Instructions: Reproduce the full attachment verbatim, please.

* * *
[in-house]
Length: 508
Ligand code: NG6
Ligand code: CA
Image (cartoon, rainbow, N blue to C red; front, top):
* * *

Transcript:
[in-house]
Length: 508
Ligand code: NG6
Ligand code: CA
Image (cartoon, rainbow, N blue to C red; front, top):